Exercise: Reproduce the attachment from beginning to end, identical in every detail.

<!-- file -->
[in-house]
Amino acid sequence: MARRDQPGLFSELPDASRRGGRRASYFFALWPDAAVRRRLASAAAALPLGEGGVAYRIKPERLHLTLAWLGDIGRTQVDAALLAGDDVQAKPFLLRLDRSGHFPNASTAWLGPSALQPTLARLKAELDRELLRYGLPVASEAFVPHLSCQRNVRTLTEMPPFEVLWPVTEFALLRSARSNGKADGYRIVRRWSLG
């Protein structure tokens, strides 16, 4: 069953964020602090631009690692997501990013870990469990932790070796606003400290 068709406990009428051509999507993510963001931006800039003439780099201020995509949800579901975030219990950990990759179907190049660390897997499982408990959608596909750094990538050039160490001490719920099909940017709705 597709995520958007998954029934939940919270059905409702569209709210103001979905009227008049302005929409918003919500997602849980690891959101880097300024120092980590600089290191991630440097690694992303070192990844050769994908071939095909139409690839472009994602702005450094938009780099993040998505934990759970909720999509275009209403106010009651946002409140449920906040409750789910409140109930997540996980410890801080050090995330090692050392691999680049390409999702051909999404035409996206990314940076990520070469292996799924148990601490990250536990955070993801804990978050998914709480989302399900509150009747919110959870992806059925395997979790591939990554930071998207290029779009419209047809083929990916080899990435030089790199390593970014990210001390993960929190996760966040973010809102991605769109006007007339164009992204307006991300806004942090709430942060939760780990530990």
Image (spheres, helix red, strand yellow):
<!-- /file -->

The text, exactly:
[in-house]
Amino acid sequence: MARRDQPGLFSELPDASRRGGRRASYFFALWPDAAVRRRLASAAAALPLGEGGVAYRIKPERLHLTLAWLGDIGRTQVDAALLAGDDVQAKPFLLRLDRSGHFPNASTAWLGPSALQPTLARLKAELDRELLRYGLPVASEAFVPHLSCQRNVRTLTEMPPFEVLWPVTEFALLRSARSNGKADGYRIVRRWSLG
């Protein structure tokens, strides 16, 4: 069953964020602090631009690692997501990013870990469990932790070796606003400290 068709406990009428051509999507993510963001931006800039003439780099201020995509949800579901975030219990950990990759179907190049660390897997499982408990959608596909750094990538050039160490001490719920099909940017709705 597709995520958007998954029934939940919270059905409702569209709210103001979905009227008049302005929409918003919500997602849980690891959101880097300024120092980590600089290191991630440097690694992303070192990844050769994908071939095909139409690839472009994602702005450094938009780099993040998505934990759970909720999509275009209403106010009651946002409140449920906040409750789910409140109930997540996980410890801080050090995330090692050392691999680049390409999702051909999404035409996206990314940076990520070469292996799924148990601490990250536990955070993801804990978050998914709480989302399900509150009747919110959870992806059925395997979790591939990554930071998207290029779009419209047809083929990916080899990435030089790199390593970014990210001390993960929190996760966040973010809102991605769109006007007339164009992204307006991300806004942090709430942060939760780990530990």
Image (spheres, helix red, strand yellow):